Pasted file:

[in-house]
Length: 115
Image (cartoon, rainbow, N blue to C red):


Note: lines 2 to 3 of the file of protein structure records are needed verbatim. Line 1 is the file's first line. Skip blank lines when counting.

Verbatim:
Length: 115
Image (cartoon, rainbow, N blue to C red):